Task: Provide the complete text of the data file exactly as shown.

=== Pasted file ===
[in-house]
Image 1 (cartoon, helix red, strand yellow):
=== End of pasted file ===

[in-house]
Image 1 (cartoon, helix red, strand yellow):